By Ivan Raconteur
LESTER PRAIRIE, MN When we turn on a tap, we expect the water to flow, but we may not give much thought to how that happens.
In Lester Prairie, as in other cities, there are some dedicated individuals who do give it thought, and work hard behind the scenes to make sure that the water keeps flowing.
In order to get a better understanding of this process, I spent Thursday night riding with Lester Prairie’s water operator Lee Ortloff.
It was approaching midnight as I drove through town. The lights were out in many of the houses, and the streets were deserted.
I met Ortloff at the city maintenance building. He answered a few questions and then explained the mission ahead.
It was time for the spring hydrant flushing.
Because it does not have a water treatment facility, the City of Lester Prairie flushes its fire hydrants three times each year.
Ortloff explained that the process is used to flush the sediment out of the city’s drinking water system. It also removes stale water from some of the dead ends in the distribution system.
The flushing process also allows city staff to inspect hydrants and make sure that they are working, which is critical in the event of a fire.
Ortloff said Lester Prairie is the only city he is aware of that flushes its hydrants at night.
He said maintenance supervisor Greg Mueller started the system several years ago and it works well for Lester Prairie. Overnight is the time when the fewest people are using the system, Ortloff explained, and because there is little traffic, the city staff is able to work quickly and get the entire system flushed in one night.
It takes six to eight hours to completely flush the system.
Shortly after midnight, city maintenance worker Adam Birkholz and Maintenance Supervisor Greg Mueller arrived.
There was no discussion because they all knew the plan from long practice.
They begin the hydrant flushing near the water tower, where the pressure is strongest, and work outward.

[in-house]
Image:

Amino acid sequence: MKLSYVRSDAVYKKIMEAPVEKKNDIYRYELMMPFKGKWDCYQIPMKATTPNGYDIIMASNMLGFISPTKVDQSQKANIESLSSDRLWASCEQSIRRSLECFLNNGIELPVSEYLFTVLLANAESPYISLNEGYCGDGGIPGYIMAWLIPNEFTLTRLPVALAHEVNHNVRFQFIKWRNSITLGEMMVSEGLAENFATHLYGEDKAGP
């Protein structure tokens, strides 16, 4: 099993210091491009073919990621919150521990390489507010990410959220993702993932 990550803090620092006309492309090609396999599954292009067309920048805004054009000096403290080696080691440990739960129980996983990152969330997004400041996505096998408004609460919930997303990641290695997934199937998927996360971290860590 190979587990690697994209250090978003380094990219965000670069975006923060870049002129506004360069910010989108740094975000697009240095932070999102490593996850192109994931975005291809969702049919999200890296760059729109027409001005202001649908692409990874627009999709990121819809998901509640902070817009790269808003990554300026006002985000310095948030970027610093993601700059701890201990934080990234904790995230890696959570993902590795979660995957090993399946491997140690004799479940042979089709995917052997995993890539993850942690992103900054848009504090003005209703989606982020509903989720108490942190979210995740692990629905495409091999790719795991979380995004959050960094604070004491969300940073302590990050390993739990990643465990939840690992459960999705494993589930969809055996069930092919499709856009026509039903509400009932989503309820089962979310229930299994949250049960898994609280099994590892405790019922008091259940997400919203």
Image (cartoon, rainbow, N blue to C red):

Birkholz started on the north side of town and Mueller on the south. Ortloff began in the East Park Estates development.
After pausing to fill up his travel mug with coffee, Ortloff led the way to one of the city trucks and we were off.
Our first stop was the water tower.
Ortloff explained that the maximum depth in the tower was 32 feet. A couple of hours earlier, he had filled the tower to 31.5 feet in preparation for the flushing.
“We are going to use a lot of water tonight,” he said. The tower holds 300,000 gallons of water, and Ortloff said it takes about 450,000 gallons to flush the system properly.
He turned the tower back on and we were off to the well house in the city park. Ortloff increased the rate of the variable speed pumps to about 450 gallons per minute to keep up with the expected demand.
From there, we went to East Park Estates and began flushing hydrants.
The hydrant on the extreme eastern end of the development is at the end of one of the longest 12-inch water mains in the city, Ortloff explained, and he let this hydrant run longer than the others because of the time required to clear such a long pipe.
That water main, like other newer ones in the city, is PVC pipe. The older ones are ductile iron.
The process for flushing hydrants is an active one.
Ortloff would jump out of the truck, open the cap on the hydrant, and crank open the valve, sending a cascade of water shooting out across the street. Ortloff paid close attention to the appearance and the smell of the water.
The water at many of the hydrants turned as dark as the coffee in Ortloff’s mug as the pressure churned up the sediment.
“You see why we have to do this?” Ortloff asked.
He let the water run until he was sure it was running clear before he closed the hydrant and jumped back in the truck to head for the next hydrant.
Like many cities, Lester Prairie has a number of dead ends in its water distribution system.